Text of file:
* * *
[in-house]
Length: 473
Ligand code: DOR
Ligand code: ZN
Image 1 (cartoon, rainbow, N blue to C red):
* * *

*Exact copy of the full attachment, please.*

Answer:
[in-house]
Length: 473
Ligand code: DOR
Ligand code: ZN
Image 1 (cartoon, rainbow, N blue to C red):